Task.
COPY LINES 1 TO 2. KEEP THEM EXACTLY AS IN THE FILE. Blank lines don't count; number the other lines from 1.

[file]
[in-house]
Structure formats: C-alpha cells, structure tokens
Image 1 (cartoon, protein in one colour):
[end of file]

[in-house]
Structure formats: C-alpha cells, structure tokens